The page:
Myanmar intercepts boat with 727 migrants

Navy intercepts boat packed with migrants believed to have been at sea since March and deserted by people smugglers.

Myanmar’s navy has intercepted a boat packed with 727 people off the country’s southern coast, about a week after it found a similar vessel carrying around 200 migrants.

Most of those on board this boat were from Bangladesh, a senior official from the president’s office, Zaw Htay, told Reuters news agency on Friday.

Myanmar’s Ministry of Information described them as “Bengalis”, using the term the government uses to describe the country’s persecuted Muslim Rohingya minority as well as people from Bangladesh.

Earlier in the day, at a regional crisis meeting in Thailand aimed at tackling the Southeast Asian migrant crisis, Myanmar insisted it was not to blame for Southeast Asia’s latest influx of “boat people”.

The UN says thousands of vulnerable migrants remained adrift at sea and need urgent rescue.

Desperate Journeys: Rohingya escape routes

More than 4,000 migrants have landed in Indonesia, Malaysia, Thailand, Myanmar and Bangladesh since Thailand launched a crackdown on human-trafficking gangs this month.

About 2,000 are believed to be still adrift.

Pictures posted on the Myanmar Ministry of Information’s Facebook page showed scores of men huddling shoulder to shoulder under the sun on the front deck, while uniformed officials – one of them carrying a rifle – stood above.

Women could be seen crammed together in the boat’s cabins.

The navy found the boat 30 nautical miles off Myanmar’s southern coast in the Andaman Sea.

The government said there were 608 men, 74 women and 45 children on board.

The ministry later said that authorities found after questioning those on board that they had been at sea since March and at least 50 people had died in that time.

They had set off on three boats and had waited in Thai territorial waters since April to be picked up by traffickers who would take them to Malaysia, but when no one turned up, they came back.

The 11 crew members, identifed as Thai nationals, then crammed the migrants on one boat and left on the other two vessels, the ministry said in a statement on its website.

“Arrangements will be made to repatriate the people found on the boat to their country after necessary investigation,” it said.

Emergency meeting

At Friday’s meeting in Bangkok, the UN refugee agency and Myanmar quarrelled over the plight of the Rohingya ethnic minority. Myanmar’s delegate to the talks rebuked the UNHCR for calling on the country to recognise the Muslim Rohingya minority as citizens to stem their exodus from its shores.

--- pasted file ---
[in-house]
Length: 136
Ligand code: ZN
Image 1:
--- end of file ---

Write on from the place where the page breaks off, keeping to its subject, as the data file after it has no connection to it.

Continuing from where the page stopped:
The majority of migrants are Rohingya Muslims fleeing persecution in Buddhist-majority Myanmar or Bangladeshis trying to escape poverty.

On “this issue of illegal migration of boat people, you cannot single out my country”, Htin Lynn, foreign ministry director-general, said.

Backlash against Thailand’s response to boat migrants

Earlier, Volker Turk, the UN’s assistant high commissioner for refugees, said there could be no solution if root causes of the migrant crisis were not addressed.

Myanmar’s government does not recognise the Rohingya – who make up the majority of the migrants involved in the current crisis – as an ethnic group, arguing instead they are really Bangladeshis.

Bangladesh also does not recognise the Rohingya as citizens.

According to Human Rights Watch, Rohingya – who have lived in Myanmar for generations – are victims of an ongoing ethnic cleansing.

The word “Rohingya” did not appear on the invitation to Friday’s meeting, after Myanmar threatened to boycott the talks if it did. The Rohingya people were excluded from the latest Myanmar census.

Al Jazeera’s Scott Heidler, reporting from Bangkok, said the meeting was seen as a step forward to the extent that the Myanmar government was represented.

“[Representatives at the meeting] are very much focused on helping the people still stranded out at sea,” he said, adding that they were looking to coordinate search efforts.

He said the US and Australia donated $6m to help deal with the crisis.

Thailand said it had given the US permission to fly surveillance flights over Thai airspace to identify boats carrying migrants as part of the rescue efforts. While Malaysia and Indonesia have agreed to temporarily house migrants that have been rescued, Thailand has so far said it will only assist by offering medical aid at sea.

Source: Al Jazeera, News Agencies